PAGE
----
courtesy of the Universal Music Group
Today is the release date for the latest album of the music of John Adams, the world premiere recording of his most recent creation for piano, “Must the Devil Have All the Good Tunes?” This piece was commissioned by the Los Angeles Philharmonic as part of the celebration of its 2018–19 Centennial Season. It is a 25-minute piano concerto in three movements performed without interruption. Yuja Wang played the piano with the Los Angeles Philharmonic conducted by Gustavo Dudamel. The album is available on Amazon.com; but, as seems to have become the “new normal,” Amazon is limiting its physical shipments. As a result, the only product page is the one for digital download.
To my great regret, that download does not include an accompanying booklet. Fortunately, this piece has its own Web page on John Adams’ Web site. That page includes a highly informative essay by Sarah Cahill that will serve as an invaluable supplement for anyone giving this recording serious listening. Many readers may recall that I, hopefully among others, regard Cahill is one of the best authorities on the piano music of John Adams. I therefore took more than a little comfort in Wang providing the album with an “encore track” performance of “China Gates,” a brief solo piano piece that Adams composed for Cahill when she was seventeen years old. (Adams was about 30 at the time.)
Cahill’s essay quotes Adams saying that the title “came from an article about Dorothy Day in a very old copy of The New Yorker.” Be that as it may, Day was probably putting her own twist on Martin Luther. I first encountered Luther’s version in Ernest Newman’s English translation of Albert Schweitzer’s biography, J. S. Bach. It shows up in the third chapter of the book, which discusses how many chorale melodies borrowed from secular songs, because Luther believed that “the devil does not need all the good tunes for himself.” A post (March 10, 2014) on the Beggars All: Reformation & Apologetics blog cites a variation in Richard Friedenthal’s 1967 biography of Luther.
The concerto itself consists of three uninterrupted movements in fast-slow-fast structure. Those of my generation will react immediately to the opening gesture’s nod to the theme music for an old detective television series called Peter Gunn, the first composition by Henry Mancini to receive wide public attention. Adams immediately throws a monkey wrench into Mancini’s driving rhythm by turning the source’s driving 4/4 beat into 9/8. From that point on the music turns into a wild roller coaster ride with a diverse mash-up of jazz and pop piano idioms and rudely punctuated intrusions from the orchestral ensemble.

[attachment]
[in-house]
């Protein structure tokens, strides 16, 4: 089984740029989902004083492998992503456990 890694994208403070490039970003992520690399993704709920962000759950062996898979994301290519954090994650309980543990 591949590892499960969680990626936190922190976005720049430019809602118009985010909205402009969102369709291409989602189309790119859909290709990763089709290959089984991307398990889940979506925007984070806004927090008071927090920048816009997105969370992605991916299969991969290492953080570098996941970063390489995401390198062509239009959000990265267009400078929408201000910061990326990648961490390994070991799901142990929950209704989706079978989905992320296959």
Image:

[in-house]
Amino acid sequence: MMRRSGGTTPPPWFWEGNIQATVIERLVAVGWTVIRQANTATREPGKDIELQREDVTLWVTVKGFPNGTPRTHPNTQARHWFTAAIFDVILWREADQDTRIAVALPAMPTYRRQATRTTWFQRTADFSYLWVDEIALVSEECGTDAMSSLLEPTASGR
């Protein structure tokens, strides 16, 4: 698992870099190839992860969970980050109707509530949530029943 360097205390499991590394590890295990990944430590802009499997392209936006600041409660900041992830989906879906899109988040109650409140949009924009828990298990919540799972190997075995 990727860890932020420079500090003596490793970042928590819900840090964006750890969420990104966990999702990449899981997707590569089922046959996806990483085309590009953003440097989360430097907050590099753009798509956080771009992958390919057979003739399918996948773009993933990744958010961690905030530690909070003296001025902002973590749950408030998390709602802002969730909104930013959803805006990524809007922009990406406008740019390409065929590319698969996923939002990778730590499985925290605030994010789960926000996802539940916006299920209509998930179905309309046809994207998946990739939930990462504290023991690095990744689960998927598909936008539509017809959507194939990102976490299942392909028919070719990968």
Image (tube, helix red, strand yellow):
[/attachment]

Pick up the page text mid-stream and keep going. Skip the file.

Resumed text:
As might be expected, Wang charges through all of the technical challenges Adams lays along her path. Nevertheless, he gives her a break during the slow movement, allowing those of us who have been following her career for many years to enjoy the interlude of her lyricism. Things then get back up to speed in the final movement, given the title “Obsession/Swing.” The whole thing makes for a fun trip, but it would not surprise me if those that have followed Adams’ progress closely would find much of the scenery a bit too familiar.
From that point of view, I have to confess that I was more taken with Wang’s encore than I was with the concerto. Far be it from me to try to second-guess her motives. However, it seemed to me that she had colored her interpretation of “China Gates” with more than a few hints of nostalgia. (All of Wang’s piano training took place in Beijing until she came to the United States to enter the Curtis Institute of Music.) Through that encore, quiet brevity prevailed over bombast.